That was the case with his cousin Dr. Paranjpe, who Bakhle treated in consultation with another physician.
Did the drug make the difference for him, I asked Dr. Paranjpe.
“I can’t pinpoint if it was because of ivermectin,” he said. He also took doxycycline, zinc, aspirin, quercetin and, starting on day nine, the steroid dexamethasone for inflammation. While his wife, Meera, had a mild and quickly resolved infection with HCQ, he suffered through days of low fever and body pain. Paranjpe may not know for sure what worked, but he does know this: He was happy to get early treatment at home In India. “Definitely, it is helping,” he said.
A few days later he emailed an update. “Meera and myself, we both are feeling completely normal,” he wrote. “There are no residual symptoms.”
I’ll end this with the Worldometer COVID statistics for Jan. 7, 2021.
- New Cases: 18,106
- New Deaths: 234
- New Cases: 279,154
- New Deaths: 4,207
Mary Beth Pfeiffer is an investigative journalist and book author. Read her other COVID articles here. Follow her on Twitter: @marybethpf.
TrialSite Editor Comment
Importantly, the national laws, cultures and approaches are in fact, quite different between India and the United States. As TrialSite is a United States-based digital media platform, importantly we share that the proper path forward for acceptance of a new treatment approach is via the National Institutes of Health (NIH) COVID-19 Protection Treatment Guidelines. TrialSite doesn’t endorse any particular approach but rather seeks to provide unbiased, independent news, information and opportunity to bring more transparency and accessibility to research, with the aim of advancing biomedical research to benefit all humanity.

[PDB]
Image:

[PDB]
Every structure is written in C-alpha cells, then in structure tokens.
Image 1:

Currently, Ivermectin is recommended only for research and has a rating of AIII. Although we have been constructively critical of what is a national research treasure, TrialSite recently commended the Panel for inviting members of the Front Line COVID-19 Critical Care Alliance (FLCCC) and Dr. Andrew Hill, a consultant associated with the University of Liverpool in the UK, to present their findings to date.
This was an important milestone as the Panel associated with that apex national research agency now looks into the accumulating data. The NIH’s Panel will hopefully consider risk-based approaches (much like they have done with highly novel monoclonal antibodies), seeking a way to ensure early-stage treatment in combination with the vaccine rollout over the next year.
In parallel, other mission-critical agencies such as the Department of Defense could potentially benefit from economical approaches to both pre-exposure prophylaxis (PrEP) as well as post-exposure prophylaxis (PEP). We encourage multiple pathways toward that end, from promising research from AstraZeneca (AZD7442—originating from some brilliant researchers at Vanderbilt and the company) to innovative approaches such as the large United Health and Lilly home-based clinical trial to the potential of Ivermectin as a generic treatment.
Fully overcoming COVID-19 in the USA necessitates a combination of more harmonized behavior (e.g., social distancing, masks, etc., across the 50 states) plus effective early stage as well as later-stage treatments and, of course, the vaccines. With two vaccines currently authorized on an emergency basis, other promising ones could be underway sooner rather than later.
The broader economy, society as well as health and vitality of the nation—one that importantly sets a precedent for so many positive forces around the world— benefits from an open, proactive, and progressive approach that includes a dynamic interchange between research, regulatory, the clinic and caregiver—driven by an unbiased recognition of the accumulating data inspired by the most rational of decision making. The NIH made such a move the other day.